My name is Melissa (Mel) and recently I have found myself to be isolated and wheelchair bound, with limited access to public transportation in my area. I am seeking help with getting a wheelchair transportation vehicle, so that I can work towards establishing my independence and getting my life back. Looking back at my medical journey, life was challenging before I even knew of my diagnosis of Ehlers Danlos Syndrome with hypermobility (EDS). I was born in an orphanage, in the third world country of Vietnam, in the middle of the Vietnam war. I was extremely fortunate to have been adopted into a family, by two amazing parents and brought to the United States at four years old. However, when I arrived, I came with malnutrition and various other physical and mental delays and did not speak or understand English at all. It was a tough adjustment and I struggled with all aspects throughout the remainder of childhood, never really catching up. I was sick all of the time throughout childhood, but doctors could not figure out the cause, which led to having to see a string of specialists, who could not provide answers. My poor mother had to deal with me being ill all of the time and also being extremely underweight. I was diagnosed with EDS at the end of my thirties or the beginning of my forties. This gave me information about what that means for my health and future. I went to a conference to learn about Ehlers Danlos Syndrome because it is a genetic disorder that can be invisible, in that we can appear healthy, while inside our body is failing slowly. Currently, there is no known cure or remission for EDS. EDS is known to cause a host of other illnesses. Along with EDS with hypermobility, I also am diagnosed with Type II Diabetes, Mast Cell Activation Syndrome, Fibromyalgia, Tracheobronchomalacia (collapsed trachea), Dysautonomia, Arthritis, Irritable Bowel Syndrome, Postural Orthostatic Tachycardiac Syndrome (POTS), Anxiety, Bipolar Disorder, Depression and Adult ADHD. Because this is a connective tissue disorder, wherever we have connective tissue in our bodies, the illness (EDS) is unable to make the protein to make collagen, which keeps our connective tissue together. My EDS with hypermobility continues to progress, to the point that I am now dependent on others to help me in everyday life, which therefore isolates me. My community also offers very limited access to handicapped accessible public transportation. In order to build independence and not be reliant on others, I need a vehicle that can transport my electric wheelchair. I am dependent upon my electric wheelchair to go out of the house. Otherwise, I am fairly housebound. The last thing that I want to do is ask for help because it is very uncomfortable for me. However, at this point, I find it necessary so that I can live my life and not succumb to my illness. Any help that anyone can offer to support this, would be greatly appreciated.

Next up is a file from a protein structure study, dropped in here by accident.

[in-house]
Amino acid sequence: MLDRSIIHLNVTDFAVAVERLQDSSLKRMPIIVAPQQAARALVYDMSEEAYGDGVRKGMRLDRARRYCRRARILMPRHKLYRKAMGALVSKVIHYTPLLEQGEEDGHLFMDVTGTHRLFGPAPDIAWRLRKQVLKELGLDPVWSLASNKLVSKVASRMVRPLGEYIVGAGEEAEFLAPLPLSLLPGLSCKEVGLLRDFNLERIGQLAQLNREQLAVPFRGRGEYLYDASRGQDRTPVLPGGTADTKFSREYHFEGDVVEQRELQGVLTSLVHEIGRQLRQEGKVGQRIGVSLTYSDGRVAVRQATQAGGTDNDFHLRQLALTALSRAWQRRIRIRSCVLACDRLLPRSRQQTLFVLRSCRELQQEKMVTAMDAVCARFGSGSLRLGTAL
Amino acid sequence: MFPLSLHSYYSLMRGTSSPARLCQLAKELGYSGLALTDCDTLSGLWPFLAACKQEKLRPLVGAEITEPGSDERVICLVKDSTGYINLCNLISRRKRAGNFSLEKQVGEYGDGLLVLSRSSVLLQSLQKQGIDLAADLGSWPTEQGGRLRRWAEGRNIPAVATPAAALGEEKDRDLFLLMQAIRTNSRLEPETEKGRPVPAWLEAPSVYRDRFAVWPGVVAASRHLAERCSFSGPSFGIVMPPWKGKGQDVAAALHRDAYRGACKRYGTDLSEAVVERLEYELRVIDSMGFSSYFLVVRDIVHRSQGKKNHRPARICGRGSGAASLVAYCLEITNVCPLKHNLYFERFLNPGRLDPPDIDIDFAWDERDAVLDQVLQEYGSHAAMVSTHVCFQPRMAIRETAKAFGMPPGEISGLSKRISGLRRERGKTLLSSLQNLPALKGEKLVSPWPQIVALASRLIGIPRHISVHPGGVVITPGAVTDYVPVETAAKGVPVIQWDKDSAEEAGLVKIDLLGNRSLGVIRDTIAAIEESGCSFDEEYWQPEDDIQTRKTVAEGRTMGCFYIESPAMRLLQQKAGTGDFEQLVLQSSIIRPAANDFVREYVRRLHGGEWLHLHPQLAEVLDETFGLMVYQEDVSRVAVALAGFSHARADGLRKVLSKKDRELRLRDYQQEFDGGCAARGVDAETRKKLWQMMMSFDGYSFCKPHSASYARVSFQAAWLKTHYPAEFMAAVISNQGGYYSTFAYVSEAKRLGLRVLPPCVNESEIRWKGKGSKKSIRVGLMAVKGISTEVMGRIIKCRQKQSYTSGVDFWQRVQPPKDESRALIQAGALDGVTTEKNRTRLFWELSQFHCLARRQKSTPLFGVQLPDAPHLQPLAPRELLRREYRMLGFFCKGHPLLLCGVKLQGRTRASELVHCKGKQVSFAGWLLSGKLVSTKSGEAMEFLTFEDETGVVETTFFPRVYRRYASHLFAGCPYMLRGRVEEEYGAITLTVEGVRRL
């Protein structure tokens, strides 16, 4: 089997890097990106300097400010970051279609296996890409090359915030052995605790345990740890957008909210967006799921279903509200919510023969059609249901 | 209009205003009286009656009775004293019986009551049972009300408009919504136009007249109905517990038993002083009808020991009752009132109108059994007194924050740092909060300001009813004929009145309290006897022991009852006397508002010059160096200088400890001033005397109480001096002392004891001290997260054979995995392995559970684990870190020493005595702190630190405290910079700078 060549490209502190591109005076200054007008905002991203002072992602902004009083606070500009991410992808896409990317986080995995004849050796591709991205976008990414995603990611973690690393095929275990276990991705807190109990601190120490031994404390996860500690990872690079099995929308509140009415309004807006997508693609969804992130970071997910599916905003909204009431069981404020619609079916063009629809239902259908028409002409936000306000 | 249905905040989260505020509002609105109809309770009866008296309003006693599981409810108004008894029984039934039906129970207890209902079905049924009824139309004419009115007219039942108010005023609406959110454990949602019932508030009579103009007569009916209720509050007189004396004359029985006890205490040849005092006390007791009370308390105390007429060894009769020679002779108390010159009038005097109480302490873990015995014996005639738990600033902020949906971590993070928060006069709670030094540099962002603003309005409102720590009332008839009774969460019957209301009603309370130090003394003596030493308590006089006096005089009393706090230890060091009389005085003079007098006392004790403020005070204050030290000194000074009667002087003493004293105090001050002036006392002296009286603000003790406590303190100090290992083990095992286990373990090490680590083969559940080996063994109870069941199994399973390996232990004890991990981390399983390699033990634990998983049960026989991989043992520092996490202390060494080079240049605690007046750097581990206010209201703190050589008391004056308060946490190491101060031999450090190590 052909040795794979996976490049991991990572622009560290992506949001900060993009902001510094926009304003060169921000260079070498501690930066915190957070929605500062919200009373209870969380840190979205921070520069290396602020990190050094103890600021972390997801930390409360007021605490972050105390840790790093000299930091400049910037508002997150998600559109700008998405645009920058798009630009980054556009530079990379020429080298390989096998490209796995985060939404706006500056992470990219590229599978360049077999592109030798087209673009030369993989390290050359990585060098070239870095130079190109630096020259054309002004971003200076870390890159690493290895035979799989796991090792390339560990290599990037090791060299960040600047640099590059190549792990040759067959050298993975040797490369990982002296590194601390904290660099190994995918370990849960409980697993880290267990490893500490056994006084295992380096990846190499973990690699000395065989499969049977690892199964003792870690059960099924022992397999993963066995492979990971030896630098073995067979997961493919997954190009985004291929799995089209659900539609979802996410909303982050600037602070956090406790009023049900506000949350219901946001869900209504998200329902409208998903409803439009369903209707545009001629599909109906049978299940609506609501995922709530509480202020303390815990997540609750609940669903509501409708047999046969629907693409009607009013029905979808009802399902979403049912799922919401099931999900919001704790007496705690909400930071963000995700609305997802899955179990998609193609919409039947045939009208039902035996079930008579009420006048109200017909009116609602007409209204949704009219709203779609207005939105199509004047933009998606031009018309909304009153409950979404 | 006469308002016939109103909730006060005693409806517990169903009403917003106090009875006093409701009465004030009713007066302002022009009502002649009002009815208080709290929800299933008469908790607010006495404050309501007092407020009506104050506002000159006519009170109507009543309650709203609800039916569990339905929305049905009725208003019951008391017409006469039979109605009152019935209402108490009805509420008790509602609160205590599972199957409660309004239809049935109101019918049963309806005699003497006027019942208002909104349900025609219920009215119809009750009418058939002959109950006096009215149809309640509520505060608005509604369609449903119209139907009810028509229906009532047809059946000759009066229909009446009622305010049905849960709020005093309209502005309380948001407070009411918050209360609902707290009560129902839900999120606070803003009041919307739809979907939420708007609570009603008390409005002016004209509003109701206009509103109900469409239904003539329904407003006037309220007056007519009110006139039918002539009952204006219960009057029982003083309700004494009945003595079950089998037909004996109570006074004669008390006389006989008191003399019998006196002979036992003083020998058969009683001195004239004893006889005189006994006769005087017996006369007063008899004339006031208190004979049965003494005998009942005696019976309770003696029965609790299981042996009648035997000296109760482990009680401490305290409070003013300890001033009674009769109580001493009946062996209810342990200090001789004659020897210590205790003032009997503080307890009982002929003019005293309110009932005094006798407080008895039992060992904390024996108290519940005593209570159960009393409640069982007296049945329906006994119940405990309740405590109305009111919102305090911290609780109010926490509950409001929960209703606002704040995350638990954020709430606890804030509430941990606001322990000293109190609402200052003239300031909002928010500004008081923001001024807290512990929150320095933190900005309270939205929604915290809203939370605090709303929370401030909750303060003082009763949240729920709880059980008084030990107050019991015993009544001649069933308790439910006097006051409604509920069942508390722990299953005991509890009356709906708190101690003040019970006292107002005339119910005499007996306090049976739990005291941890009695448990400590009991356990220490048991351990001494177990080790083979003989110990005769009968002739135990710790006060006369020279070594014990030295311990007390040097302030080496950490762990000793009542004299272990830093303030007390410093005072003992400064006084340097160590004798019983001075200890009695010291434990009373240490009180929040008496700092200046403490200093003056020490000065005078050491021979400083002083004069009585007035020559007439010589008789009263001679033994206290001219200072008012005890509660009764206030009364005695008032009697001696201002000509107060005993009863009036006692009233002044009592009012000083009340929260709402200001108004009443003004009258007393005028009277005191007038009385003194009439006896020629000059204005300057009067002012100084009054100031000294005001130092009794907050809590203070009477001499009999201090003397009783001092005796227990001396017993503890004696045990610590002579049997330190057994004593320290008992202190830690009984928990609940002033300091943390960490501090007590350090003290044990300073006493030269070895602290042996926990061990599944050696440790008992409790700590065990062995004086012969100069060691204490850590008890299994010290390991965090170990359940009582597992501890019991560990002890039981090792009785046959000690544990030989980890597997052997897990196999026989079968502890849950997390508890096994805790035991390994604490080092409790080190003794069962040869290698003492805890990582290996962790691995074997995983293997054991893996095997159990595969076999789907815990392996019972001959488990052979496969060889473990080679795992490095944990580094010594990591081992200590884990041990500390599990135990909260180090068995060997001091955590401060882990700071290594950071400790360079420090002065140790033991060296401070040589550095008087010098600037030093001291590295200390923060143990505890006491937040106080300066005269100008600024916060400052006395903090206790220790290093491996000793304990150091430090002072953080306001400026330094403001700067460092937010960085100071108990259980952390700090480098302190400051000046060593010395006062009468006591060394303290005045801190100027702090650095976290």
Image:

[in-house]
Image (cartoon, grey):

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Guestbook

October 3, 2021

I greatly thank those who have helped me on this medical journey.

Melissa (Mel)

October 2, 2021

Melissa, I hope that more independence and mobility is in your future. It was a pleasure to get to know you last year through FPBUU. Best, Irie

Irie Mullin